Unexpected Consequences of Plot

2010, March 22nd 9:00 PM

Last night I found myself unable to stop thinking about Mass Effect 2. Not about to the gameplay, or the plotline. I just couldn't get my mind off the bizarre social effects that the universe implies.

For a bit of backstory, the critical bits of plot go like this. Humans join a galactic civilization with a bunch of alien species. One species is a bunch of blue women who sleep with other races.

Alright. First off, this is obviously only "the critical bits of plot" for the purposes of this particular blog post. I'm not arguing that. Second, the Asari aren't technically women, it's a single-sex race, but, come on:

That's female.

Now, it's reasonably clear in the game that Asari are bisexual. But humans, as far as we know, generally aren't. Humans tend to be heterosexual. I'm pulling this claim out of nowhere but I feel reasonably confident in it. So take the human race as it stands today, and then, out of goddamn nowhere, introduce an entire new race full of reasonably attractive and sexually compatible females.

What the hell does this do to gender balance? People are worried about China's gender balance, which is leaning 55% male. Even assuming the Asari population is no larger than Earth's, this leaves us with a stunning 75% female ratio. And according to the chronology, the Asari were colonizing space before the rise of the Persian Empire! Human growth rate is around 1% right now. Let's assume the Asari have a growth rate a mere tenth of that – 2500 years of growth leaves the Asari with more than twelve times the population of Earth.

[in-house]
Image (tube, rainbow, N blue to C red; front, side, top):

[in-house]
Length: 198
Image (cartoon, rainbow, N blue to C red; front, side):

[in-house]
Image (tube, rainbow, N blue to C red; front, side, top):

(If you assume they actually have a 1% growth rate, then each male human could have literally an entire planet full of Asari women while still occupying less than 10% of the entire Asari population. Though I admit "occupy", despite the somewhat misogynistic double entendre, isn't really the right word when there are twice as many women on your planet as you'll have heartbeats in your life.)

"Oho," I hear you saying, "but why would the Asari mate with humans?" Well as of the time of Mass Effect, an Asari mating inside their species is considered a mark of shame. So basically you have a civilization of a hundred billion females who want nothing more than to breed with aliens. Now, in their defense, they're not picky about gender – but humans are, and I don't see that changing without some truly unbelievable cultural shifts. Not the kind of thing that would happen in a mere five hundred years, I feel.

"But wait! What about other species?" Yeah, sure, the Asari mate with other species too. No arguments there. It happens. There's the species of giant armor-plated killing machines that weigh a literal ton each and are infertile. There's the species of lizard men whose food is poison to most other races. There's the species of . . . well, we don't know what they are exactly under the biological containment suit, besides "humanoid", but we do know that even opening the suit for a few seconds is incredibly dangerous for them. And then there's the species that doesn't consider it "incredibly dangerous" but rather "instantly fatal".

And there's the floating luminescent jellyfish.

If you were an alien, and I showed you pictures of all the Mass Effect 2 races, and asked which were most likely to be sexually compatible, you'd pick the Drell, the Asari, and the Humans. And the Drell are nearly extinct. And they don't travel much.

Bioware, I love you guys. I really do. But did you stop to think for a second about the social consequences of this?

  • graemer957

    2010, March 23rd 5:03 AM

    All good points. Of course don't forget that the normal lifespan of an Asari 1,000 years, so they'll have "many" mates!

  • Your Mom

    2010, March 23rd 6:54 AM

    Sounds like a lot of wishful thinking on the part of Bioware's developers – who are apparently not doing too well on the dating scene.

  • Kiru

    2010, March 24th 4:48 AM